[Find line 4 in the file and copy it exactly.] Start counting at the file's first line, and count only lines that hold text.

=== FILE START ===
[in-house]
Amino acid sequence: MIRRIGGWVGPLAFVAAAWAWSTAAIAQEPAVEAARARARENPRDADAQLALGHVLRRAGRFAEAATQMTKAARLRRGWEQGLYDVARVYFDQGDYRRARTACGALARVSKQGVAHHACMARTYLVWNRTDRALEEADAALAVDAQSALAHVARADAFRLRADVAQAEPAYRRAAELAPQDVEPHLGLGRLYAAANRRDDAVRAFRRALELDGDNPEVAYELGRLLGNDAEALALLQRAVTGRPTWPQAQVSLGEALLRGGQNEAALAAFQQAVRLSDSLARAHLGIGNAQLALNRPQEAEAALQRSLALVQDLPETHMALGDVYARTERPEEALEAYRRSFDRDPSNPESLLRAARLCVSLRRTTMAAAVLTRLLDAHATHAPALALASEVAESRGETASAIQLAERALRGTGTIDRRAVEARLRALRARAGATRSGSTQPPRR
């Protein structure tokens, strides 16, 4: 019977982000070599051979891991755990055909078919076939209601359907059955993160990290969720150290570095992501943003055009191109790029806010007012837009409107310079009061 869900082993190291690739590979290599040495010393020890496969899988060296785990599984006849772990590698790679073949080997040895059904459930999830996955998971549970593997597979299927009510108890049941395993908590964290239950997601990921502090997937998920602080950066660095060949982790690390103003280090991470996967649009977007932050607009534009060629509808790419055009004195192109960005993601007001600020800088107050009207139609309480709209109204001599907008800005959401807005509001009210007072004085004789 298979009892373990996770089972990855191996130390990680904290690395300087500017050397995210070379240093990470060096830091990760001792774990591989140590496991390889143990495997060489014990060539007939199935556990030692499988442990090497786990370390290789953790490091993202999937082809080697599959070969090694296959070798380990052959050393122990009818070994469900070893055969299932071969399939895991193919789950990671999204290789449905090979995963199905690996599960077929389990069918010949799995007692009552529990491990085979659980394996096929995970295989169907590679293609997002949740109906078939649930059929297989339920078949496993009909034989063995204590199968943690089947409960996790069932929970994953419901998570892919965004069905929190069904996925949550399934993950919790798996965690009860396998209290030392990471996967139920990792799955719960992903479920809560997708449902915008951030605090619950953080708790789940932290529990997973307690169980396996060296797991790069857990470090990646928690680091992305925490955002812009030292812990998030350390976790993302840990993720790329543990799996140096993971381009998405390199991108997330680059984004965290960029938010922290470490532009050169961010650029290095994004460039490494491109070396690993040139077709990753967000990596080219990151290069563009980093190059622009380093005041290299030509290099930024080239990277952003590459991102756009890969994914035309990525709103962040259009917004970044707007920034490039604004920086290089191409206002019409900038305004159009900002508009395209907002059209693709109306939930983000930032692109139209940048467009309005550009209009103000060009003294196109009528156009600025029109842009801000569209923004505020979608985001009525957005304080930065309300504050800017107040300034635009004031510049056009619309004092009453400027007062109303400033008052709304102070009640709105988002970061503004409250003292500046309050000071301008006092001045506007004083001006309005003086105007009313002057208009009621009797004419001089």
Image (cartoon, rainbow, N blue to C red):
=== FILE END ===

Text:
Image (cartoon, rainbow, N blue to C red):